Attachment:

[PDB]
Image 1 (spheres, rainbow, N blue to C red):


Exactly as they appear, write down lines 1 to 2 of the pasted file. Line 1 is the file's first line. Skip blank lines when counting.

[PDB]
Image 1 (spheres, rainbow, N blue to C red):